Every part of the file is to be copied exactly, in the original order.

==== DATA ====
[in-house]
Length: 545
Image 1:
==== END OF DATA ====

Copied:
[in-house]
Length: 545
Image 1: